Senate Proposes Heavy Penalties for Kidnappers, Ransom Collections

Lawmakers in the country, in the bid to curb incessant kidnapping of innocent citizens, which is usually followed by payment of ransom, the Senate on Tuesday, September 21, has passed for second reading, a bill, sponsored by Senator Ibikunle Amosun of the All Progressive Congress, APC, Ogun Central, “proposing life imprisonment for the offence of kidnapping or any form of abduction, wrongful restraint and confinement.”

 

The proposed bill, sponsored by Sen. Amosun, will, among other objectives, establish stringent punishments and penal measures to stem the tide of kidnapping in the country.

 

Senator Amosun, who believed insecurity has become a huge threat to our society, said lack of severe penalties for the offense is making it thrive in Nigeria; with many negative effects on the victims.

 

According to the ex governor of Ogun state,

“The impact of kidnapping on both economic and daily life, has been devastating.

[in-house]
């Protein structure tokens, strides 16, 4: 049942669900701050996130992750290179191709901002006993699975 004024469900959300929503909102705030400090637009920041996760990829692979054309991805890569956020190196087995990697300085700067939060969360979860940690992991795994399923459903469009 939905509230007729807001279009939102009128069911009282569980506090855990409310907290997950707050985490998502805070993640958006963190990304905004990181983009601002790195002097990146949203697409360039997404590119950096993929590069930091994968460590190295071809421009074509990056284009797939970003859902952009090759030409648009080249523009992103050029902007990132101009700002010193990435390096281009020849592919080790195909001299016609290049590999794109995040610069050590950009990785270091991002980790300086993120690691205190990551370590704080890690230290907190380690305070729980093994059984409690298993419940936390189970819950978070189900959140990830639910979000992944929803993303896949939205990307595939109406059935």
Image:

He also condemned the abduction of poor victims with their families going through unpleasant experiences in the bid to raise money for ransom.

 

“Overtime, the pool of potential victims has shockingly been expanded. Now, most victims are often poor villagers, sometimes kidnapped indiscriminately, a departure from the targeted kidnapping of wealthy people.

 

“They struggle to pay ransoms because of their relative poverty; and this has resulted into many victims being killed in the process”

 

Senator Ibikunle Amosun, is of the opinion that, abductions of locals and foreign nationals in Nigeria, will affect the country’s Foreign Direct Investment.

 

To this end, the former governor said,

“To achieve the deterrent effect, life imprisonments is proposed for the offence of kidnapping, particularly where death results from the act.

 

Adding that,

“The law is made stricter by ensuring that, recipients of any proceeds of the act of kidnapping, are heavily sanctioned, with term of imprisonment of up to 30 years”

 

Senate President, Ahmad Lawan, has referred the bill to the Committee on Judiciary, Human Rights and Legal Matters, chaired by Senator Michael Opeyemi Bamidele.

 

The Committee is expected to report back to the senate, few weeks from now.

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